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The objective of this study was to examine the effects of physical exercise on parahippocampal function.


Studies were identified using electronic databases, including PubMed, PsychInfo, Sports Discus, and Google Scholar. In total, 28 articles met the inclusionary criteria. Among these, 20 were among humans and 8 in animal models. Among the 20 human studies that examined some aspects of the parahippocampal gyrus, 5 evaluated the entorhinal cortex and 1 evaluated the perirhinal cortex. Among the 20 human studies, 3 evaluated neural activity (or BOLD-signal changes), 14 evaluated brain volume (gray or white matter), 2 examined fractional anisotropy, 1 examined glucose metabolism, and 1 examined functional connectivity between the parahippocampal gyrus and a proximal brain tissue. Among the 8 animal studies, 4 evaluated the entorhinal cortex, with the other 4 examining the perirhinal cortex.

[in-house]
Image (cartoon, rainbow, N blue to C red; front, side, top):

The results demonstrated that, among both animal and human models, exercise had widespread effects on parahippocampal function. These effects, included, for example, increased neural excitability in the parahippocampal gyrus, increased gray/white matter, reduced volume of lesions, enhanced regional glucose metabolism, increased cerebral blood flow, augmented markers of synaptic plasticity, and increased functional connectivity with other proximal brain structures.


Exercise appears to have extensive effects on parahippocampal function.

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